Then Boo wended his way up to the pool . . . and the rest, as they say, is history. Just as a uniformed policeman entered the Crown Point lobby, Boo decided to fulfil a long-held ambition to toss a hotel guard into the pool. But the dim-witted scribe simply returned to the lounging chair from where he had initiated the dastardly deed, and from there the policeman proceeded to haul him down to the nearby station.

In the interim, the guard, who apparently could not swim, had sunk to the bottom of the pool, from where Fish and Weasel, another Hooligan and CTD alumni, retrieved him. According to Fish, when the guard finally broke the surface, he sucked up all the available oxygen around the pool in one loud inhalation. When he caught his breath he denied he could not swim, but was merely trying to tie his shoelaces underwater.

Well, to cut a jailbird’s story short, Boo, having secured a proper lawyer when he realised that Weasel was getting him into more trouble than he was already in with his attempts to argue with the cops at the station, got bail a few hours later, after being transferred to the holding bay in Scarborough.

And a couple weeks later, having borrowed one of his father’s ties and dress shirts, appeared in court in Tobago’s capital, where everyone, including the magistrate, had a good laugh when the the charge was read out, before being ordered to pay TT$500 compensation to the guard.

 

Things have toned down appreciably since those wild and crazy times, so much so that last year, the crews of Ninja, Crash Test Dummies and Legacy spent most of lay day sitting on the lawn outside English’s Crown Point apartment quietly sipping the sponsor’s fine products and an occasional Bajan brew.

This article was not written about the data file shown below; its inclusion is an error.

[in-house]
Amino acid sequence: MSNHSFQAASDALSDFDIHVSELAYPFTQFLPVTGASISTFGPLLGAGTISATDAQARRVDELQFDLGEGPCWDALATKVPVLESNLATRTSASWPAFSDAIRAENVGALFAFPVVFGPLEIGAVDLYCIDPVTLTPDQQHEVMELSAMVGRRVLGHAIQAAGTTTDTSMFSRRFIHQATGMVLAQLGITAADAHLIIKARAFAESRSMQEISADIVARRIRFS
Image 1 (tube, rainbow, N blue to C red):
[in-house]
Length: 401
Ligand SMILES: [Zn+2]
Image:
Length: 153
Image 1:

A member of the Saga Boy crew enquired how come they were all so quiet while the lay day activities were going on just a few hundred yards away.

“We baby-sitting!” was the reply, which was no lie as Parvo, Ninja’s main man, had his infant daughter in her pram. Just before that, another original explanation was being offered by a Bajan sailor on the telephone to his girlfriend back in Barbados  as to why he hadn’t called her since arriving in Tobago.

“They only got these ol’ rotary phones in the ‘partment and I dunno how to use ‘em!” was his excuse.

When the lounging layabouts and former delinquents eventually summoned the energy to get nearer to the official lay day activities, where extempo singers Black Sage and Big B were entertaining the crowd, they met David, a BWIA pilot who sails on Ten-shun and who conveniently booked his wife’s ticket from Trinidad for the week after the regatta. Checking the ticket the day before she thought she was due to travel, the wife discovered the “mistake” and had to enlist the help of her husband’s brother, also a pilot, to get the ticket changed and secure the jump seat on the plane as the flight was booked solid.

“If I had gotten away with it, then I would have been a hero,” joked David out of his wife’s earshot.

And he might have taken his place alongside Port, Starboard, Wipers and the other participants who have made Angostura Tobago Sail Week the place to be over the last 19 years.

They are all scheduled to be back from 12-17 May when the “friendliest regatta” celebrates its 20th anniversary.

 

MARLON MILLER is sports editor at the Trinidad Express. He has been covering the Angostura Tobago Sail Week since 1987, except for a few years off for bad behaviour